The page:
The Irish Research Staff Association, an association that represents research staff across the island of Ireland, held its annual forum on Tuesday 21st June. It was great to see a good turnout, including PhD candidates, research scientists in industry and civil servants as well as university research staff.
As Chair of the Association, I opened with a brief speech before introducing Gordon Dalton, Chair of International Consortium of Research Staff Associations, to chair the first session. Gareth O'Neill, Technopolis group, has been representing researchers for many years, including with Eurodoc. He discussed the broader European framework for different categories of research staff. He highlighted challenges of research careers and staying in academia; although surveys generally show high rate endorsing a wish to stay within academia, this is becoming increasingly competitive. There are differences internationally-a good example is whether PhD candidates are treated as staff ((as they are in the Netherlands) or students (as they are in Ireland). If they are staff members, they get a number of entitlements that don't apply to students.
Slaven Misljencevic, policy officer at Research & Innovation actors and research careers unit in the European Commission, spoke about the European labour market, and how mobility is cornerstone in establishing a European Research Area. He highlighted the work of Euraxess, a European portal with a database of jobs and funding opportunities. They have over 19,000 registered organisations, and an average of over 80,000 job posts(!) (Often used when the employers don't have an internal candidate lined up). Slaven also discussed RESAVER - an international, multi-employer fund that allows international researchers to bring their pension between different universities in different countries (however, not all universities are signed up to it).
The first session had a lively discussion and Q & A - Tara Hughes (UCD) joined the session. She flagged the lack of exit data in universities in terms of staff who move on from a given university. Máire Brophy (TUS) said that what we lack in Ireland is a clear pathway to independence as a researcher; greater funding is required for this. She said she would like to see a full chart of where to go at what stage in a researcher's career, as there are still some gaps. The possibility of core funding for researchers was raised by Joan Donegan, former secretary of the Irish Federation of University Teachers (IFUT).
The second session focused on equality, diversity and inclusion, with a particular focus on gender equality Dr Arjumand Younos, who works in industry, was the first speaker. Like many researchers who started off in a university, she segued from academia into industry, though she still teaches in universities. In a talk about how "the rich get richer", she made a point about how, in social networks, people with more connections get more connections, more citations get more citations etc. Dr Younos also spoke from personal experience of family responsibilities, and that other staff may unfairly perceive someone with such responsibilities as less of an asset to the team - indeed, staff can be under pressure to not start a family. The session was somewhat disrupted as it seemed to be hacked, and had to be closed to new guests entering.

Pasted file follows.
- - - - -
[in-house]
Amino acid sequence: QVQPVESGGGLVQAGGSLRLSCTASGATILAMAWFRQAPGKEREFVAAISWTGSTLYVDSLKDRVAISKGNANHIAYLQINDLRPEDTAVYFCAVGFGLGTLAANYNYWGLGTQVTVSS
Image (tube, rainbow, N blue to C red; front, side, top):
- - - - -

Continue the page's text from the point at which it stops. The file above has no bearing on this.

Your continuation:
Our final speaker, Joseph Twist, spoke about university staff increasingly having to be flexible in response to changing job contexts. He highlighted figures internationally - generally staff are on relatively precarious contracts. Like Dr Younos, he spoke from personal experience as well, in terms of his own difficulties with precarity earlier in his career. He pointed out the issue of two-tier system, where some people are well paid and very secure in their work. Pointed out that trade unions and grassroot networks, like the Irish Precarity Network, Postgraduate Workers Alliance, were a means to advocate for better conditions. There was some discussion about EDI - people may not be able to tick all the boxes if they've had a lot of adversity. Máire Brophy mentioned she had a SALI appointment which was in part created to address some of the imbalances. Joan Donegan suggested maybe we're hitting a turning point where research staff will start to get more organised to advocate for a better future.
In her closing comments, Joan Donegan mentioned how the work of researchers in developing the COVID vaccine, which built on decades of previous research work, really underscored the importance of researchers. Joan lamented the move towards more of a business model in universities. Although I think there's a lot of good in preparing students for employment, Joan also referenced the ongoing cuts to recurrent funding post-austerity, precipitating funding crisis. There has been a large reduction in core staff numbers with this. Joan also mentioned the increased monitoring of HEI's by government-this contrasts with Irish Universities Act 1997, academic freedom etc. On a related note however, Joan highlighted that the government, particularly the Department for Further and Higher Education, Research, Innovation and Science, aims to reduce precarity. I think these closing comments highlighted the need for research staff to come together to advocate for better working conditions, as well as to collaborate.
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